Introduction consumer interests as a key driver to improve waste management in food processing

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More than 10 million tonnes of food processing waste are produced within the European Community every year. The costs associated with handling the waste produced within the food industry constitute many tens of millions of euros, attributable to landfill costs and other waste disposal routes. However, this waste is also known to contain significant amounts of valuable components which remain unexploited as a result of current food-waste processing practices. There are many kinds of potentially valuable components in these wastes: nutrients and micronutrients (protein, dietary fibre, prebiotics, antioxidants and other bioactive polyphenolics), rheologi-cal agents (hydrocolloids, gelling agents, films and coatings), texturised residues, flavours and colourants (juices) (Cheunk et al., 2003). These could be utilised in pharmaceutical, cosmetic and nutraceutical high-value products, as well as in contributing to medium-value food and feed ingredients. In the following we will focus on possible food products that can be reprocessed from food waste.

In the past, most of the waste of the food processing industry has been used as landfill, or has been fed to farm animals. Recent changes in the legislative framework, which have been enacted as a response to various food safety incidences such as the bovine spongiform encephalopathy (BSE) crisis, have forced the food industry to reconsider recycling practices. However, at the present time, increasing attention is being paid to the concept of sustainability. As a consequence, this issue is becoming increasingly important to the food industry and other food producers. In addition, the industry also recognises the need to respond to increased regulatory, end-user, non-governmental organisations (NGO) and (to some extent) consumer interest in the need to implement sustainable production systems. Of course, consumers are not just interested in sustainability but also in food safety, food quality and a number of other issues; for example, emotional responses to novel foods, which may arise as a consequence of food reprocessing. In this way consumer attitudes towards reprocessed food products have become a key driver to improve waste management in food processing.

In considering the issue of food-waste recycling as an integral part of the food chain, some key questions regarding consumer attitudes to resultant novel products need to be asked. These include, for example, questions about our understanding of how the public conceptualises sustainability, and whether this differs from expert views regarding sustainable food production practices. It is also important to understand how these beliefs and attitudes relate to the consumption of specific foods and food products. Individual and cross-cultural differences in the conceptualisation of, and attitudes towards, sustainable production processes must also be evaluated and incorporated into the assessment of the utility of emerging technologies and novel foods that may arise as a consequence of food-waste recycling. Research should identify the salient consumer beliefs regarding sustainable and, conversely, unsustainable products and product features, and the way in which people's values influence attitudes and opinions. At the present time, however, there has been little systematic empirical investigation of these various issues and questions. It may be possible to make some predictions of possible barriers to consumer acceptance, as well as reasons for consumer acceptance, regarding product commercialisation, by examination of the relevant literature on related topics.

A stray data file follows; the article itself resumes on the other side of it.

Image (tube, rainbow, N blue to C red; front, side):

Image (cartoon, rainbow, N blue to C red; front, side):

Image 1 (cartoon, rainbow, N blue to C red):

In particular, due consideration of these issues should be made when considering recycling food waste into new food products developed for consumer purchase. Account should be taken of consumer acceptance of the different technological innovations applied during the production process, as well as consumer perceptions of the motives of producers in implementing these new technologies (for example, is there a dominant consumer attitude that industry is engaging in recycling practices in order to increase profitability, rather than to increase the sustainability of production processes?) and perceptions of risk. Previous risk events such as the BSE crisis may negatively predispose consumers towards recycling food wastes within the food chain, even if the recycled product is not destined for human consumption. During the BSE scare, consumer concern was underpinned by the recycling of animal waste into the human food chain in the form of animal feed. As a consequence there may be consumer concerns about the use of reprocessed waste in novel food production.

One might predict that effective commercialisation strategies will focus on regaining consumer confidence in food production in general, as well as communicating effectively and involving consumers in the broader debate about sustainable food production, and how this might be achieved and implemented.

This chapter aims to discuss some of the consumer issues relevant to sustainable production in general, and recycling food waste into the food chain in particular (either as animal feed or products for human consumption). Due account will be taken of factors driving consumer attitudes towards novel food products (for example, risk perception, perceptions of benefit and consumer trust in food producers and regulators with responsibility for consumer protection). Finally, the need for greater consumer involvement early in the process of food innovation will be discussed.

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